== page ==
called cameldromo 3 . On the ground, the rectangles painted in green with a number corresponding to the space of each stall. The discipline that prescribes a single place for each and every individual transforms the anonymous multitude of street vendors of Largo da Concrdia and the surrounding area into an organized multiplicity (Foucault, 1988). The records of this multitude are inscribed in the demarcation of the disciplined urban space (idem, 1988, 131) by means of the official numeration defined by the local authority, giving the cameldromo a rationalized configuration. The transference failed due to the street vendors resistance, who considered that space a deserted region. Because it was in an isolated area where very few people circulated when compared to the main streets of the district, the image of death is explicitly evoked in the speeches of the street vendors. The nomination of that space among the street vendors ranges from dead (commercial) point to cemetery. Even the subway company, still in the 90s, could not react with indifference to that urban emptiness and installed many benches under the station, trying to transform it into a public square. Later on these benches were removed by the company because they had been improvised as beds by the homeless, both children and adults, sheltered in social institutions near the station. Not even the police station of the abandoned cameldromo is left unscathed, and was also occupied. Thus, the project of the public square fails. 4

The Time of Legend: the Square of the Tombs Mrs. Mirtes, 40 years old, who has been living for 11 years in the apartment buildings constructed in the urban renewal (Cohab) 5 , describes the emptiness: Its full of tombs, I mean we say theyre tombs. Because you can see, look, the little squares like that, then it is the Square of the Tombs, that one filled with little squares, where they were going to set up stalls. But the street vendors united and didnt come here (...). Then it was abandoned again.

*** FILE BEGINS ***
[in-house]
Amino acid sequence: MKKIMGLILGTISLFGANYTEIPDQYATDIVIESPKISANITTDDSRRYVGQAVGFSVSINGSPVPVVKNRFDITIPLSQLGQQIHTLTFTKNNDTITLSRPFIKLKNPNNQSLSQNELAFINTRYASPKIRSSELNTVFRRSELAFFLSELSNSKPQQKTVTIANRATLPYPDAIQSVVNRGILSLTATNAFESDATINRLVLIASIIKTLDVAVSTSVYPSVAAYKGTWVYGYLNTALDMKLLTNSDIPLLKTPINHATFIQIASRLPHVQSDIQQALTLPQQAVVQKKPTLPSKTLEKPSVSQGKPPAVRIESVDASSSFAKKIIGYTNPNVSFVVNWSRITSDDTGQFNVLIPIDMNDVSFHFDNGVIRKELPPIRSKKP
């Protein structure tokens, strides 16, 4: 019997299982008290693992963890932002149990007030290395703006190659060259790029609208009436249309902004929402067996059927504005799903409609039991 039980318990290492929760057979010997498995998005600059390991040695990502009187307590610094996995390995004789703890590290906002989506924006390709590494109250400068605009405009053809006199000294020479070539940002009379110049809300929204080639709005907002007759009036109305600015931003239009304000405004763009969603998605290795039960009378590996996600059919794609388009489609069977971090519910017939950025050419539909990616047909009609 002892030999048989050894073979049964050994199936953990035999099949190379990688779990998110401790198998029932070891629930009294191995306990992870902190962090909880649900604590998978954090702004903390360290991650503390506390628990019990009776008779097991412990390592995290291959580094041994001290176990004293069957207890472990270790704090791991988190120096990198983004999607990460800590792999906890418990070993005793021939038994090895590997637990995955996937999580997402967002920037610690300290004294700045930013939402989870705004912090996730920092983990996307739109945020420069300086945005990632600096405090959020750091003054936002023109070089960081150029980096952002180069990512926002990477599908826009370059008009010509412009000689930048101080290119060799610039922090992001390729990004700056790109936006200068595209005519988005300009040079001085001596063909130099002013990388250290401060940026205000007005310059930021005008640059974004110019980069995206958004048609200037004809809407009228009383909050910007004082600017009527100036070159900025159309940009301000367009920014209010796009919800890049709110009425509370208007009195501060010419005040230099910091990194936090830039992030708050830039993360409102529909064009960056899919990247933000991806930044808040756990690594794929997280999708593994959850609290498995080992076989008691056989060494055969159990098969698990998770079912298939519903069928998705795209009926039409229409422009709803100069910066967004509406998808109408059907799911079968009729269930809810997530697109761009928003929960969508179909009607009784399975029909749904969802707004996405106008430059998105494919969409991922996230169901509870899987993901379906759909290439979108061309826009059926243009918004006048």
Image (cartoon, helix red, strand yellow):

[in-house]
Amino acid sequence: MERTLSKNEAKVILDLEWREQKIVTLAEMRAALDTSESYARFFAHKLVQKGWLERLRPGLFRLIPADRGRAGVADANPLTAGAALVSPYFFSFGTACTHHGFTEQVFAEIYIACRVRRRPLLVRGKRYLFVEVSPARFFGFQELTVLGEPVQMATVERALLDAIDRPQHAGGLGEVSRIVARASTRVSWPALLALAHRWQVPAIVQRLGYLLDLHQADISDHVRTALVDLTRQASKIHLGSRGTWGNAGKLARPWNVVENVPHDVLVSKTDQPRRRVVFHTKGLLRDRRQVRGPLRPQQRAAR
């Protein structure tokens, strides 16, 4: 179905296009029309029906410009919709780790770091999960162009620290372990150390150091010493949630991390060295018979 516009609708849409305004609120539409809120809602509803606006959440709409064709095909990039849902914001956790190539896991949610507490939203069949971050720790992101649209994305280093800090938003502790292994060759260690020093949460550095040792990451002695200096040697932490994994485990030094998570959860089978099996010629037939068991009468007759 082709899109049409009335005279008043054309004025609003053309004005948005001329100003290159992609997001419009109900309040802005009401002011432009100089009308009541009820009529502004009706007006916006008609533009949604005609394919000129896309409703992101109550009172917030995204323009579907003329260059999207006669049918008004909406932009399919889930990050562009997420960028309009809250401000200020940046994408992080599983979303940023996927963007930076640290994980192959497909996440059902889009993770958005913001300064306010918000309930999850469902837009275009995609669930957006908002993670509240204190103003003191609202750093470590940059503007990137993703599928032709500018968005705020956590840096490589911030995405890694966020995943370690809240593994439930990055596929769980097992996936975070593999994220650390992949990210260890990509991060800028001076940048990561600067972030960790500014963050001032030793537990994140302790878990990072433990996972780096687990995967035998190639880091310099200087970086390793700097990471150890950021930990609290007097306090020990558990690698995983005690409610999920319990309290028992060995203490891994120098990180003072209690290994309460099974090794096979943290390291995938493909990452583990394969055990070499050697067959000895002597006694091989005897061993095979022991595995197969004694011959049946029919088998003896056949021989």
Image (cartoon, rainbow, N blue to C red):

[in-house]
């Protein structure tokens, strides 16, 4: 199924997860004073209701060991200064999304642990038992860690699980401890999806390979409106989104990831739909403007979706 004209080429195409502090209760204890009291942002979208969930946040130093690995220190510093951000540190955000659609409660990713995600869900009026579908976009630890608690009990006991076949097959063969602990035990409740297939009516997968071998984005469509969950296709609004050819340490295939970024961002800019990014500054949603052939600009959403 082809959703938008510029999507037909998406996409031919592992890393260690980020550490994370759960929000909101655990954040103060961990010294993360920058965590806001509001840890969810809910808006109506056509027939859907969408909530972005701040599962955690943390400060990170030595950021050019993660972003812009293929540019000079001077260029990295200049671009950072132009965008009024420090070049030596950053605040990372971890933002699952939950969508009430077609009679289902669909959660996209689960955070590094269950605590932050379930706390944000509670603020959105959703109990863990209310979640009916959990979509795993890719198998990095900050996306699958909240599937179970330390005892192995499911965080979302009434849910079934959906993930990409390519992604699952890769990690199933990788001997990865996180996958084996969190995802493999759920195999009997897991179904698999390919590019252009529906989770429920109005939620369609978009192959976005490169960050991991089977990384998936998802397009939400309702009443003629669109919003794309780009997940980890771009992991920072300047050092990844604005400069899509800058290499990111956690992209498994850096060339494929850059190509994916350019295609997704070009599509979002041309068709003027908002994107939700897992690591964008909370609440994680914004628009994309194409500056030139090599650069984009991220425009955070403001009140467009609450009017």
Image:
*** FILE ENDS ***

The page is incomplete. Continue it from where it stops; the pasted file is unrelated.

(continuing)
3 4

Derived from the word camel, a popular name for street vendors. This work stems from a broader research (Pereira, 2002), for which we had not interviewed the local homeless, but just those from a neighbouring area. 5 Companhia Metropolitana de Habitao de So Paulo.

The resistance of the street vendors to the demarcations produced on the former emptiness (the feeble flux of people) a new emptiness: the image of the official demarcations is resignified and language operates a change in the meaning: the cameldromo is perceived as a cemetery by the residents of the Cohabs. A tomb, according to Aurlios Dictionary of the Portuguese Language, is a funereal monument erected in memory of someone at the place where he/she is buried. Death, monument, memories, traces: the marks of the demolition of whole blocks (the emptiness), of the spatial segregation and disciplining (the camelodromo) enforced by the State, and the resistance of the street vendors (Square of the Tombs) transform that space in a place of death, but of recollection too. But whose recollections of what? According to Mrs Mirtes, it is not rare for people to ask her if there actually existed or had existed a cemetery in the area. The language revives an urban recollection, unknown and anonymous, whose traces resist there as legend, and unknowingly, makes reference to the principal image the cemetery and to several mutations of meanings that orbit around the nomination of the Square of Tombs.